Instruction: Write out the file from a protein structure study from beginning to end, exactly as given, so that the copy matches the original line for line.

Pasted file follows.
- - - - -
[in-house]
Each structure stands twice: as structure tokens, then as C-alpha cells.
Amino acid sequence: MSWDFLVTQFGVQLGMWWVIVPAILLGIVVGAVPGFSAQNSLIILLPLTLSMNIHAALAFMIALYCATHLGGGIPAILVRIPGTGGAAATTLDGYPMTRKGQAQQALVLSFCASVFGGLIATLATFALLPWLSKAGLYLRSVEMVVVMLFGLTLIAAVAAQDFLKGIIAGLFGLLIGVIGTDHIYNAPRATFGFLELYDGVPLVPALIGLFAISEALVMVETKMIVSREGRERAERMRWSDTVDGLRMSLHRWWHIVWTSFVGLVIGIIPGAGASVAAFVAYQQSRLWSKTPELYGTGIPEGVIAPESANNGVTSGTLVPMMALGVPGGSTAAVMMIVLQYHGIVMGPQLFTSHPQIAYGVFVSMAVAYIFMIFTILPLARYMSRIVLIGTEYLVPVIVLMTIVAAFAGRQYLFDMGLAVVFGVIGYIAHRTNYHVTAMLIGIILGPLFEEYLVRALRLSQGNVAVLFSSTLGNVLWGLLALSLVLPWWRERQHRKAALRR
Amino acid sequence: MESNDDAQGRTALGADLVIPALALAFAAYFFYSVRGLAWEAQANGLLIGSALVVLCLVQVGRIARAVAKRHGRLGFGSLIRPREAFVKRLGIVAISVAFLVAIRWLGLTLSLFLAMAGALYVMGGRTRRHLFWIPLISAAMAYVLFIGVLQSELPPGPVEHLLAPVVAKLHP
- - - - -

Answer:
[in-house]
Each structure stands twice: as structure tokens, then as C-alpha cells.
Amino acid sequence: MSWDFLVTQFGVQLGMWWVIVPAILLGIVVGAVPGFSAQNSLIILLPLTLSMNIHAALAFMIALYCATHLGGGIPAILVRIPGTGGAAATTLDGYPMTRKGQAQQALVLSFCASVFGGLIATLATFALLPWLSKAGLYLRSVEMVVVMLFGLTLIAAVAAQDFLKGIIAGLFGLLIGVIGTDHIYNAPRATFGFLELYDGVPLVPALIGLFAISEALVMVETKMIVSREGRERAERMRWSDTVDGLRMSLHRWWHIVWTSFVGLVIGIIPGAGASVAAFVAYQQSRLWSKTPELYGTGIPEGVIAPESANNGVTSGTLVPMMALGVPGGSTAAVMMIVLQYHGIVMGPQLFTSHPQIAYGVFVSMAVAYIFMIFTILPLARYMSRIVLIGTEYLVPVIVLMTIVAAFAGRQYLFDMGLAVVFGVIGYIAHRTNYHVTAMLIGIILGPLFEEYLVRALRLSQGNVAVLFSSTLGNVLWGLLALSLVLPWWRERQHRKAALRR
Amino acid sequence: MESNDDAQGRTALGADLVIPALALAFAAYFFYSVRGLAWEAQANGLLIGSALVVLCLVQVGRIARAVAKRHGRLGFGSLIRPREAFVKRLGIVAISVAFLVAIRWLGLTLSLFLAMAGALYVMGGRTRRHLFWIPLISAAMAYVLFIGVLQSELPPGPVEHLLAPVVAKLHP